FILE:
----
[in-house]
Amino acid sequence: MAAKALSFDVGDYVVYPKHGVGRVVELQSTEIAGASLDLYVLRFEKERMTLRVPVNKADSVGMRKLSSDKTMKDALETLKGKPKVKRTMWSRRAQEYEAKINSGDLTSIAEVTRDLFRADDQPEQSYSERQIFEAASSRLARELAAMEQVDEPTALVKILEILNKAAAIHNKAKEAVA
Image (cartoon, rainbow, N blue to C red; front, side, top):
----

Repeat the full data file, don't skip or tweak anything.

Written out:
[in-house]
Amino acid sequence: MAAKALSFDVGDYVVYPKHGVGRVVELQSTEIAGASLDLYVLRFEKERMTLRVPVNKADSVGMRKLSSDKTMKDALETLKGKPKVKRTMWSRRAQEYEAKINSGDLTSIAEVTRDLFRADDQPEQSYSERQIFEAASSRLARELAAMEQVDEPTALVKILEILNKAAAIHNKAKEAVA
Image (cartoon, rainbow, N blue to C red; front, side, top):